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Wednesday 25th May 2011


DRIVEN: MERCEDES C63 AMG COUPE

Mercedes adds a new gearbox and a new bodystyle to a familiar recipe - and it still tastes very good


Mega. It's the only word that has repeatedly come to mind when trying to begin this article. So, while it is perhaps not the most imaginative way to describe the new C63 AMG coupe, it is at least apt. Because AMG's latest offering really is. Mega, that is.

But then that's no major surprise, because the saloon and estate version of the C63 AMG are pretty brilliant already.

In this case, to the already proven mix of plain ol' rear-wheel drive and monumental power from that 6208cc V8 you can add the new, rakish (if somewhat conservative) body of the C-class coupe, as well as all the various improvements recently bestowed upon the humble C-class saloon and coupe (including a much fresher dashboard). Perhaps most crucially of all, Mercedes' new (ish) MCT-7 automatic transmission is also installed, bringing with it a wet start-up clutch in lieu of a torque converter, faster shift times and a rotary knob which provides no fewer than four gearbox settings.


The standard C-class coupe is a competent enough thing. Its lower stance (41mm lower than the C-class saloon) helps it to feel both more planted and sharper than its four-door cousin, while the new, more modern interior (largely shared with the rest of the C-class range), with its better dash plastics and new trim combinations, is a marked improvement over the original C-class cabin. For those wanting a fulfilling drive on a winding road, however, the C-class coupe will definitely leave you wanting more.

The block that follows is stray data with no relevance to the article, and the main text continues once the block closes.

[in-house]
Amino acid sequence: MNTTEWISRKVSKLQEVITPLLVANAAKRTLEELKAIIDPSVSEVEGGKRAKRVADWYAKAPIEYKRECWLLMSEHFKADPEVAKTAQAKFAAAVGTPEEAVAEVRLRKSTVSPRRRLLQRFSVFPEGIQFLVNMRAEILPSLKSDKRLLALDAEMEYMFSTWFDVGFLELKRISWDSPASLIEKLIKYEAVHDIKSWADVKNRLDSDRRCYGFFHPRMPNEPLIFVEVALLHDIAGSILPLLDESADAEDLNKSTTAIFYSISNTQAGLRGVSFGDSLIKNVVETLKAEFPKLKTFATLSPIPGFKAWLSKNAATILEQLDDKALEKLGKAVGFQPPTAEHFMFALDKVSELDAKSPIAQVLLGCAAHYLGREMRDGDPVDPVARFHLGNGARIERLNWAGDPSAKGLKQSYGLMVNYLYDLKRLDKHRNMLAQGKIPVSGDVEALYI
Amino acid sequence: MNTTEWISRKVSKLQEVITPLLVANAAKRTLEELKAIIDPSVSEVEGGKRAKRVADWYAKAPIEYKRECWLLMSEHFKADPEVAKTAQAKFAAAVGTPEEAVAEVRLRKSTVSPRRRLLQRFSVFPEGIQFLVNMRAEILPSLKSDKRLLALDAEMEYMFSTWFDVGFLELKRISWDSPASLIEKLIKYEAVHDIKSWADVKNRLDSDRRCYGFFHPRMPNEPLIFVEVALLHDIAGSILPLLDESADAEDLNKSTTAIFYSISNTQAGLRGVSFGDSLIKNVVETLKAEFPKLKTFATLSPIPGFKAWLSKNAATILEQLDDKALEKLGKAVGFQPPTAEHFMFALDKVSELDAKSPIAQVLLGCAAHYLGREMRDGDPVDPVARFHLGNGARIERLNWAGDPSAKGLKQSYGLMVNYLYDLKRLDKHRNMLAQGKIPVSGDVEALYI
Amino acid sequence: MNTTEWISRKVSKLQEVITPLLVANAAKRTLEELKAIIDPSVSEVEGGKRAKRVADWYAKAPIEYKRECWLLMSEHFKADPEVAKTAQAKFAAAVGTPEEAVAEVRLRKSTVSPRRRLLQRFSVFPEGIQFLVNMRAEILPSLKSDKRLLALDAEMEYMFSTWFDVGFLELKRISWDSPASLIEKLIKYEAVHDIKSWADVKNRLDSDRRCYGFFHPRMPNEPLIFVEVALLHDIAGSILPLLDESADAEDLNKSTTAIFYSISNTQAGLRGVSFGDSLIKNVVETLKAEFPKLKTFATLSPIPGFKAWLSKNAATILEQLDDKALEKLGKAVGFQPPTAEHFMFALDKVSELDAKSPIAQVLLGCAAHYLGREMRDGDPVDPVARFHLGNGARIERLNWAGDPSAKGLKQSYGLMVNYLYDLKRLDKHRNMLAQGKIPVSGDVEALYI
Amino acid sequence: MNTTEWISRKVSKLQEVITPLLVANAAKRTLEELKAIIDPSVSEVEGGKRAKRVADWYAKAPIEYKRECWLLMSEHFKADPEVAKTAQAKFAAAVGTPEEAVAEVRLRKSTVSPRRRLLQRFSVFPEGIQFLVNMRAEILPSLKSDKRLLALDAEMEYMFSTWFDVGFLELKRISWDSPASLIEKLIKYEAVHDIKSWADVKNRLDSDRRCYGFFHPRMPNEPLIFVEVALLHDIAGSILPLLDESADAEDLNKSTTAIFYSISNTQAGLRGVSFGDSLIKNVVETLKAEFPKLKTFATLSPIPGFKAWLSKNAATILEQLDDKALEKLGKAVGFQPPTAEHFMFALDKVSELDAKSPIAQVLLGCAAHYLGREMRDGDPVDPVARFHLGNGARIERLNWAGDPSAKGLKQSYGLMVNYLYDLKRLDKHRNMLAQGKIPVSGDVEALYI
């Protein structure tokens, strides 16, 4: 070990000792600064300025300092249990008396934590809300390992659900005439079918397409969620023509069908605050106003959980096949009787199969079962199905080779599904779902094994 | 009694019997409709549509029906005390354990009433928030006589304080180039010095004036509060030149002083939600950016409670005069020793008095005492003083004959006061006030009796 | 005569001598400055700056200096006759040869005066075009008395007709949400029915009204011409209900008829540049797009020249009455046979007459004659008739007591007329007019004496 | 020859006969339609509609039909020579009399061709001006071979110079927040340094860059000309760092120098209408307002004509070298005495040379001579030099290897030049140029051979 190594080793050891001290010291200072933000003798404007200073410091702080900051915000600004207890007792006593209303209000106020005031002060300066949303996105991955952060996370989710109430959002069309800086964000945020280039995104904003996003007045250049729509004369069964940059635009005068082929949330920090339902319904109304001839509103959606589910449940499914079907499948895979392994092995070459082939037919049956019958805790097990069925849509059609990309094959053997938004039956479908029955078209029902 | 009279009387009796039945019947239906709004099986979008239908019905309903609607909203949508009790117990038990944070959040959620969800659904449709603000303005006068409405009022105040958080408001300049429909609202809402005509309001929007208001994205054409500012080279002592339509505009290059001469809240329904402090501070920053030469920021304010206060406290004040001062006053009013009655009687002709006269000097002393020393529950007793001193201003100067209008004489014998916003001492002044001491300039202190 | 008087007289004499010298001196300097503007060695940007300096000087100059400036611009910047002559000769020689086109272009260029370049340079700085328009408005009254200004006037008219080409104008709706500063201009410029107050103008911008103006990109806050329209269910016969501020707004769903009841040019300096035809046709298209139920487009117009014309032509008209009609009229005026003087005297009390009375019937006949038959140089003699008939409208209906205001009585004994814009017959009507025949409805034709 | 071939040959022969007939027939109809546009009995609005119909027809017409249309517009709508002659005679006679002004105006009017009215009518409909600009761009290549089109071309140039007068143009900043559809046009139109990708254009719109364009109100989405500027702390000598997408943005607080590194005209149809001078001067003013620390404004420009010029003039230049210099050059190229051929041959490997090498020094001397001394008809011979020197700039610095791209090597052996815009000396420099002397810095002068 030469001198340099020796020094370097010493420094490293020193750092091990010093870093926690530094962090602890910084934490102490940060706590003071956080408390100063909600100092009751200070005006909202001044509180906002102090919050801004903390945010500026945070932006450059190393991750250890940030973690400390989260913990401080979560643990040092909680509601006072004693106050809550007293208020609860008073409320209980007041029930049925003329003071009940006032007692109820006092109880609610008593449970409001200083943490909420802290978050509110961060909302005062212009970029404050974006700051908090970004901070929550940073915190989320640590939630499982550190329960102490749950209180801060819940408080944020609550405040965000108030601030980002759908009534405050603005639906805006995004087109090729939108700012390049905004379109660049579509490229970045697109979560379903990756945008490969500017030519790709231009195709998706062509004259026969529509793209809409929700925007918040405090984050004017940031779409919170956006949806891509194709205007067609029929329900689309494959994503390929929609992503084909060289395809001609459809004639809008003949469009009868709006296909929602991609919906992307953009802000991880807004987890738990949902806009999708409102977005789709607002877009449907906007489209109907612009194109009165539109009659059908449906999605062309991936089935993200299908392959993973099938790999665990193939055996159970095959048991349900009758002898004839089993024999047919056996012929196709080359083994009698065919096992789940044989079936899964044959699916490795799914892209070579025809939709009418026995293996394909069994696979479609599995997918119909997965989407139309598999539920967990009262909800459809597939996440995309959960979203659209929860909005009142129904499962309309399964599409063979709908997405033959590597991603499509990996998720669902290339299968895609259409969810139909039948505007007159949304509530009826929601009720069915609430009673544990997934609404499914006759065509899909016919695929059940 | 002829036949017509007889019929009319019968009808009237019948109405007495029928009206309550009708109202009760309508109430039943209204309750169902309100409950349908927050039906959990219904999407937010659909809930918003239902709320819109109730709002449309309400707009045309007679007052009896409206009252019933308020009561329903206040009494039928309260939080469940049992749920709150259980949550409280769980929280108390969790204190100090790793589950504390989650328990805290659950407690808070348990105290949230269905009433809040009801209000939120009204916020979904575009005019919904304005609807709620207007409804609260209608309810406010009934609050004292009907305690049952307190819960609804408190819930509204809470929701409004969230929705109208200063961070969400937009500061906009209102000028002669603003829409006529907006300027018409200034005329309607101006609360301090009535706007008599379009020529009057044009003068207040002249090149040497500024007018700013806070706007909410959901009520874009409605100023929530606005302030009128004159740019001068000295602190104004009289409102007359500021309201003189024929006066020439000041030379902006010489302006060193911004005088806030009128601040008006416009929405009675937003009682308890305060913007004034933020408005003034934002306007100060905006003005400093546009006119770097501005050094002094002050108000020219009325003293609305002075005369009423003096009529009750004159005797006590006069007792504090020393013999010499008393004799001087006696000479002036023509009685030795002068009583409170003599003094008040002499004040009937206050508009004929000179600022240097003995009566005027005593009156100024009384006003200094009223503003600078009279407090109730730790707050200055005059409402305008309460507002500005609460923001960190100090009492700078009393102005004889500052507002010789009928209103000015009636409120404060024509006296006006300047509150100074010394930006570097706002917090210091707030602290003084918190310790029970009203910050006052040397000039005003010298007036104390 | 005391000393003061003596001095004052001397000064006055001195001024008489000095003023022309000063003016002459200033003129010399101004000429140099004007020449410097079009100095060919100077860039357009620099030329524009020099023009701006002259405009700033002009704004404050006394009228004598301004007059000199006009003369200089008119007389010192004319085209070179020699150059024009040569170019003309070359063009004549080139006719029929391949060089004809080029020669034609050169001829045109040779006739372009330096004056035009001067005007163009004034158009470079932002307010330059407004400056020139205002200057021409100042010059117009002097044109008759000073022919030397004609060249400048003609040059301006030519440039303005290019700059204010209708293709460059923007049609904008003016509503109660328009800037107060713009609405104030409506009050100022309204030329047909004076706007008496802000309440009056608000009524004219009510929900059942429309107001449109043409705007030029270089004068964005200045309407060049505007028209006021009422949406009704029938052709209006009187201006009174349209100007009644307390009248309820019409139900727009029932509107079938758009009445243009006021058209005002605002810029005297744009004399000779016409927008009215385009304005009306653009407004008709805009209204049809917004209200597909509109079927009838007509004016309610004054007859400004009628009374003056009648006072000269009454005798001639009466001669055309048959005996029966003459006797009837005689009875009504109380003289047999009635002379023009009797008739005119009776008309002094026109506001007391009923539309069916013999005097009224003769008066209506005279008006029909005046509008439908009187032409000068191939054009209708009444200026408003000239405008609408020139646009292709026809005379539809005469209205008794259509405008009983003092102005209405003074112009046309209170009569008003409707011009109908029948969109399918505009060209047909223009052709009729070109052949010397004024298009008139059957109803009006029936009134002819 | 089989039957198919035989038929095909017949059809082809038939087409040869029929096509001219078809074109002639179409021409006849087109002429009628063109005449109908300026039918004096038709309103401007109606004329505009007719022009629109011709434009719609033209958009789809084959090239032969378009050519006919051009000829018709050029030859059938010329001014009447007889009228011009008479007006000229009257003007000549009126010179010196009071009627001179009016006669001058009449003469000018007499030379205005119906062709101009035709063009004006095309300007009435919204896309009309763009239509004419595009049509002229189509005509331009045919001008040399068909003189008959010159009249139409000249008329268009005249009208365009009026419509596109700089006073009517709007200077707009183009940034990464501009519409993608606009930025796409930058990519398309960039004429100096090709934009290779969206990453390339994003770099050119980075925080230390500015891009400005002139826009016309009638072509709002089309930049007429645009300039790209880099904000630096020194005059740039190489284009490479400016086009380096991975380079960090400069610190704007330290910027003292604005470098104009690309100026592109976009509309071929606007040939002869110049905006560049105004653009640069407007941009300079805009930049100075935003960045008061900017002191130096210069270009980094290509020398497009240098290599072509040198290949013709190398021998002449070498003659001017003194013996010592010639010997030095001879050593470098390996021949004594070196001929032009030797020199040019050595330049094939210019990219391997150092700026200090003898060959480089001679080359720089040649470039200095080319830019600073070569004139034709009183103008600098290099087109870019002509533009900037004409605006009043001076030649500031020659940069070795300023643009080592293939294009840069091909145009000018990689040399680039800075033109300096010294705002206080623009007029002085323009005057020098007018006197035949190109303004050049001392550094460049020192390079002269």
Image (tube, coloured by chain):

No such accusation could be levelled at the C63 coupe. As we've pretty much come to expect from AMG's 6.2-litre V8, the 451bhp mill (478bhp with the optional performance pack) serves up a relentless wall of forward thrust accompanied by a gargling wail to warm the cockles of any muscle car fan's heart. AMG's engineers can't actually fit the firm's new 5.5-litre twin-turbo V8 into the engine bay of the C-class, so C63 AMG coupe buyers have to 'put up' with the 'old' naturally aspirated engine. But believe us when we say that it really doesn't feel like a compromise.


The engine is also given a whole new lease of life by coupling it up to the MCT-7 transmission. This is not a new combination - the same engine/gearbox combo, broadly speaking, also serves in the E63 AMG and the CLS63 AMG, but the contrast with the 7G-tronic fitted to the outgoing C63 AMG saloon and estate (facelifted versions of these models will also get the new gearbox) is truly eye-opening.

In manual mode, instead of reluctantly reaching for a ratio seemingly seconds after you've requested it from the wheel-mounted paddles, the transmission obliges with the apparent pace of a twin-clutch gearbox - and high-rev upchanges are accompanied by a sharp crack from the quad exhausts that leaves you in no doubt that this car really is trying its darnedest to change gear for you as rapidly as possible.